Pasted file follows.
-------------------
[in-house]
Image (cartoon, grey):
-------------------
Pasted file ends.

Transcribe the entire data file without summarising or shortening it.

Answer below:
[in-house]
Image (cartoon, grey):